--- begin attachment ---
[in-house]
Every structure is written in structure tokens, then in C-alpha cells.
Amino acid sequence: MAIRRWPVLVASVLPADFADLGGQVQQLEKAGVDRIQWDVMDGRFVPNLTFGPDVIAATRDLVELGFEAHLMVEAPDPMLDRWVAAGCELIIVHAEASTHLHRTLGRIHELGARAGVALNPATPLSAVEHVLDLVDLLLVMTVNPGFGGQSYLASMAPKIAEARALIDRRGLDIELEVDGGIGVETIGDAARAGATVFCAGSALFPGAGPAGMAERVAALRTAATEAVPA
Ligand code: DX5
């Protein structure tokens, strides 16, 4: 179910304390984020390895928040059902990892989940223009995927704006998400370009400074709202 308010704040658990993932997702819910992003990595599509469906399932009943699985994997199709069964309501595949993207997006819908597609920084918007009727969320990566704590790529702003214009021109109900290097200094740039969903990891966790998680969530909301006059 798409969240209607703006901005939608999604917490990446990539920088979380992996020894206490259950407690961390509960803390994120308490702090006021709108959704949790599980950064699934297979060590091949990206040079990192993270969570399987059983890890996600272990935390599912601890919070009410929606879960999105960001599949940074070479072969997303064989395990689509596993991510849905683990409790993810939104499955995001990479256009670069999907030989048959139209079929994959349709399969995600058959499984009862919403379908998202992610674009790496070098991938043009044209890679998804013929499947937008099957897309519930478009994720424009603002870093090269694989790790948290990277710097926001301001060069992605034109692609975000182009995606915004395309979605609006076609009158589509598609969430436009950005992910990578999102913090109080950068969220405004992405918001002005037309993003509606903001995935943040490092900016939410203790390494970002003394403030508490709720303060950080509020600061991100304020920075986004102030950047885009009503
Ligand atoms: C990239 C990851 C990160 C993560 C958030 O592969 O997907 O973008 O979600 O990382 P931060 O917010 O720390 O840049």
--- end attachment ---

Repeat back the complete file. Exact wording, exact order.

[in-house]
Every structure is written in structure tokens, then in C-alpha cells.
Amino acid sequence: MAIRRWPVLVASVLPADFADLGGQVQQLEKAGVDRIQWDVMDGRFVPNLTFGPDVIAATRDLVELGFEAHLMVEAPDPMLDRWVAAGCELIIVHAEASTHLHRTLGRIHELGARAGVALNPATPLSAVEHVLDLVDLLLVMTVNPGFGGQSYLASMAPKIAEARALIDRRGLDIELEVDGGIGVETIGDAARAGATVFCAGSALFPGAGPAGMAERVAALRTAATEAVPA
Ligand code: DX5
């Protein structure tokens, strides 16, 4: 179910304390984020390895928040059902990892989940223009995927704006998400370009400074709202 308010704040658990993932997702819910992003990595599509469906399932009943699985994997199709069964309501595949993207997006819908597609920084918007009727969320990566704590790529702003214009021109109900290097200094740039969903990891966790998680969530909301006059 798409969240209607703006901005939608999604917490990446990539920088979380992996020894206490259950407690961390509960803390994120308490702090006021709108959704949790599980950064699934297979060590091949990206040079990192993270969570399987059983890890996600272990935390599912601890919070009410929606879960999105960001599949940074070479072969997303064989395990689509596993991510849905683990409790993810939104499955995001990479256009670069999907030989048959139209079929994959349709399969995600058959499984009862919403379908998202992610674009790496070098991938043009044209890679998804013929499947937008099957897309519930478009994720424009603002870093090269694989790790948290990277710097926001301001060069992605034109692609975000182009995606915004395309979605609006076609009158589509598609969430436009950005992910990578999102913090109080950068969220405004992405918001002005037309993003509606903001995935943040490092900016939410203790390494970002003394403030508490709720303060950080509020600061991100304020920075986004102030950047885009009503
Ligand atoms: C990239 C990851 C990160 C993560 C958030 O592969 O997907 O973008 O979600 O990382 P931060 O917010 O720390 O840049």